As soon as Emily said "hello" on the zoom call, I felt at ease. We had an amazing call! Emily gushed about my Nonfiction manuscript (which was awesome to hear), and explained where she was coming from with the others. She actually had some really wonderful ideas to improve the others that I definitely connected with. I shared the pitches/ideas of some of my other manuscripts that I hadn't sent her, and she was very open to them. She answered all of my questions, and she had some for me as well. Overall what I can say about the call, is that it felt amazing! While the other call had been good, this call with Emily was exactly what I had hoped for on "the call." We had this energy and excitement between us that made me feel like Emily was the right person for the job. It's one of those things that's really hard to explain. It just felt right.
When Emily officially offered representation, it truthfully took all I had to not just accept on the spot because I felt so good about it. But I did want to be fair to the other agents who had my work, especially to the one who had requested the revision months before since I felt like it was thanks to her suggestions that the manuscript was in its current state. She ultimately responded that the revision was very good and she felt like it would definitely sell, but that her plate was too full with PB right now and she just didn't have the time to take me on. That was super kind of her, and made me feel really excited to move forward with this story.
I emailed both offering agents some follow up questions (because as prepared as I thought I was for the call, other things come to mind when it's over and your adrenaline is so high during the call that you just miss some things that are even sitting right there on your list). I weighed both of their answers, read both mock contracts that they had sent me, and reviewed my experience with both calls, and knew that Emily was the right choice for me.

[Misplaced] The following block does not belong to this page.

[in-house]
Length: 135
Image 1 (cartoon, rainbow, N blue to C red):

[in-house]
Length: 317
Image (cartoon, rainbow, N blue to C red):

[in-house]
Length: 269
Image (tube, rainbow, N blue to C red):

When the two weeks was up and I had heard back from all the agents who had requested more, sending a polite thank you to decline the other offer was one of the hardest things I had ever done. To have to tell an awesome agent that I wouldn't be going with her was really hard. She was very gracious, and I will be forever grateful for that.
I emailed Emily and asked if she could jump on a quick call. We set it up, and I was able to officially accept her offer! That call was also really amazing. The same energy and excitement and spark that I felt on our first zoom call was there, and I knew that I had made the right choice. We chatted for awhile about the next steps and made a plan to move forward. Emily sent my actual contract over, and we signed it that night! It was amazing! BookEnds sent me a welcome packet and some amazing resources for new clients and I started on this next step of my journey feeling like I was in the very best hands.
I still feel like this is all a dream. It is such a weird feeling to go from 20 months of "nos" or "not yets" to suddenly having an agent from one day to the next. I am so very grateful and beyond excited to see where the next steps on this journey take me.
To authors in the trenches, I say: don't ever give up! You never know when your "yes" will come. Don't pass up any opportunity. Send another query when a no comes in. Write another story while you wait. Revise, revise, and revise again. Absolutely find a critique group! My two critique groups have been hugely important on my journey. It's important to find writer friends who cheer you on while you cheer them. And to have people who aren't emotionally attached to your work be able to tell you what needs to change. I'm so grateful for my critique groups.
Next Tuesday kicks off my "Tuesday From The Trenches" interview series. Make sure to subscribe to my blog below so that you don't miss an interview! I'm seriously so excited to be sharing these stories with you!!
I'll be giving away the winner's choice of a PB MS critique (up to 1200 words), or a Query Letter critique! To enter: like and retweet this post on twitter. Two optional bonus entries:
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Good luck! Winner will be announced on Twitter Monday, October 5th.
Kailei Pew is a wife, mother, and picture book author represented by the amazing Emily Forney of Bookends Literary. She is an active member of SCBWI, a 2019 Write Mentor Mentee, and a finalist in Susanna Leonard Hill's 2019 Holiday Writing Contest. She loves writing picture books that help kids see they can do anything they set their minds to.
Kailei can't wait to get her stories into your hands.